And then it's about surrounding them and building this infrastructure to support whatever they might need at different steps of their journey. Right? So I mean, this is the reason why we just launched Contrary NYC recently, for example, is we had a lot of the people in our community who throughout the pandemic, moved to New York. And we said, "Okay, well, historically, we've been more of an SF kind of based firm," but there's a lot of people in the Contrary community who are telling us that they would love nothing more than having a home or a place where they can go hang out with other people that are part of their tribe. Right? And so it's really obvious for us to have a place there where they can go and... I think very recently or shortly, they're going to be having a Thanksgiving dinner, or they're carving pumpkins together, or they're ideating on startup ideas together. Having that one-stop shop, I think is super important.
And I could list three, four, five, six, seven, eight other things, but for us, it's all about finding that person first, building a deep relationship with them, and then giving them whatever we possibly can to support them as they grow throughout that journey. And then understanding that when they inevitably go out and start the company, join the company, whatever. Right? We've been there for them all along. We're their first check. We're their first supporter. And it's just an extension of the relationship, rather than the beginning of the relationship.
Daniel Scrivner (09:59):
Yeah. I mean, I want to call on something and I guess, get your thoughts on it, that sounds very small, which when is you talked about Contrary NYC. And in a moment, I want to talk about all the programs you guys have because it's kind of an incredible menu of very different of things.
Eric Tarczynski (10:13):
The potpourri. Yeah.
Daniel Scrivner (10:14):
But even with the way you described that, things like Thanksgiving dinner or pumpkin carving, these are things that can sound very silly, but in my experience, they are the essence of community where it's just time spent together, almost throw away trash time. And even talking about YC, it springs to mind that maybe one of the reasons it's different is they cook meals together, eat meals together, which is another sort of bonding experience. Why are those small moments so important and why do you guys invest in those?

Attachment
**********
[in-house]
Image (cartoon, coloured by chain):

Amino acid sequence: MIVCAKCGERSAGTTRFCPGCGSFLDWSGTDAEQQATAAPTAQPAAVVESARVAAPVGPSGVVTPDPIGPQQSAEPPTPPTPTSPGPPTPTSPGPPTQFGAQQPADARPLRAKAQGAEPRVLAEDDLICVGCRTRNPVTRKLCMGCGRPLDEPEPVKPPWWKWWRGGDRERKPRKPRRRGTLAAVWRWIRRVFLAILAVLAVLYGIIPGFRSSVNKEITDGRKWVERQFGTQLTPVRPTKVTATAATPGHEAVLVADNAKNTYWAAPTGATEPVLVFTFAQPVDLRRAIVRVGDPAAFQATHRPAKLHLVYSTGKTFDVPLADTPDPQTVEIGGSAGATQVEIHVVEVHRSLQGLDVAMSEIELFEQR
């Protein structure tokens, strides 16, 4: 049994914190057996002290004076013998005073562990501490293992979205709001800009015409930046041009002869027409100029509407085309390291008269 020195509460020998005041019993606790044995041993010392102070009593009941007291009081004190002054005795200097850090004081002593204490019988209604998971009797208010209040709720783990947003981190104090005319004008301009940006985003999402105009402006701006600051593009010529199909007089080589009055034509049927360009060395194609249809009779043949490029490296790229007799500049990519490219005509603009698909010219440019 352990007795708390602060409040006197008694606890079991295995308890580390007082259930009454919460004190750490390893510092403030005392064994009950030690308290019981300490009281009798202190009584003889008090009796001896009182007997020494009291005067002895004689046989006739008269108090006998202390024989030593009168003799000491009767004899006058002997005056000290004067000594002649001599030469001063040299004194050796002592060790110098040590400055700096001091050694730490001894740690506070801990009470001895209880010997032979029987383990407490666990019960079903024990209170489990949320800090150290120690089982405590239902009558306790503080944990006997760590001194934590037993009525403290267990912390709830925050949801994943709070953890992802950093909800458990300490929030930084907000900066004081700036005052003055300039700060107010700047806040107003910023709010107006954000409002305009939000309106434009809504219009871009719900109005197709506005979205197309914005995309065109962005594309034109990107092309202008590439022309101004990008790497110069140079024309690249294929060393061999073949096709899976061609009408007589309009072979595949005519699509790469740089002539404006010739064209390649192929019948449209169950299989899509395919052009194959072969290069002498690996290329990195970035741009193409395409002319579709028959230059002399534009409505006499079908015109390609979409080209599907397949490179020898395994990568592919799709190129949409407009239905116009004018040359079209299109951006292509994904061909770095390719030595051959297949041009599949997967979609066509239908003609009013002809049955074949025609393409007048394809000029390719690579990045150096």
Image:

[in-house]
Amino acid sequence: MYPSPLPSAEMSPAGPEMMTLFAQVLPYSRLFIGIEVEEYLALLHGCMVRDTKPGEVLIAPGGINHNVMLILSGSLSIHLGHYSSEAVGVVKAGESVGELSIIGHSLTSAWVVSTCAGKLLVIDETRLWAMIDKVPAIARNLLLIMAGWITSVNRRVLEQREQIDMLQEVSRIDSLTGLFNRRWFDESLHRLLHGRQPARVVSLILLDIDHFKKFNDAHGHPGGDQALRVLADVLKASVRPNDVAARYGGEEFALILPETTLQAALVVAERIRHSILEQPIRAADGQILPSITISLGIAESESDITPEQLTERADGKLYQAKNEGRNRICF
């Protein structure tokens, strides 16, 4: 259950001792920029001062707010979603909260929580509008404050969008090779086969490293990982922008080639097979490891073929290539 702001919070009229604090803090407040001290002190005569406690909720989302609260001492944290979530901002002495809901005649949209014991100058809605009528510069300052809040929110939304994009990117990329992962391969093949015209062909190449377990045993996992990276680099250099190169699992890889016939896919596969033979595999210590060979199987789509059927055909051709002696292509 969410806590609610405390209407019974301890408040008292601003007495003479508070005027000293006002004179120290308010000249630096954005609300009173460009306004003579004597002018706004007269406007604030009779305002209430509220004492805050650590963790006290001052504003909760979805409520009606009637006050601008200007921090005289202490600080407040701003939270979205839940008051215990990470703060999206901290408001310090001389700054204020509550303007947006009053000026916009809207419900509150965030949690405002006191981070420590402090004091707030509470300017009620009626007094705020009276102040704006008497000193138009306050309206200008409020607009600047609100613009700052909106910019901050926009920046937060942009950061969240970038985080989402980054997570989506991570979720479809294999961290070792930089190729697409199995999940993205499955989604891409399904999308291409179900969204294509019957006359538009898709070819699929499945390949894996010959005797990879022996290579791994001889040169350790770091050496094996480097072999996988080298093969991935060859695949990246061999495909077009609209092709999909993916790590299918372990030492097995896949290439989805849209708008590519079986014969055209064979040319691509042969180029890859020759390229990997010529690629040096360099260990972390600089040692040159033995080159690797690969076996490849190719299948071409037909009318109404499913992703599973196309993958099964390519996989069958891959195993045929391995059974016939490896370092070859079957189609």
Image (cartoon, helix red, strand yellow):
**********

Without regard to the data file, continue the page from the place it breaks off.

Eric Tarczynski (10:40):
Yeah. They're important because this is actually where authentic relationships are built, like you said. You're not building a deep, lifelong relationship or friendship with somebody at a networking event, or you're not building a deep, lifelong relationship with somebody if you meet them at a portfolio company matchmaking event. These are by definition-
Daniel Scrivner (11:01):
Eric Tarczynski (11:01):
... very transactional, professional endeavors. Right? I mean, we have people who are living together. They're going to people's weddings. They're rock climbing together. And yes, they're also incredibly brilliant technologists who maybe while they're climbing the rock are talking about LLMs, or open AI, or the latest advances in our nice, new hype of generative AI, or whatever it might be. They're obviously very steep in tech as well, but it's a piece of the puzzle. Right? And more than anything, if you're trying to build a deep relationship with somebody or real community, you need to do those things. Right? You need to become friends with somebody at the end of the day, not just colleagues, which is probably how you'd think about it most of these Slack communities. Right?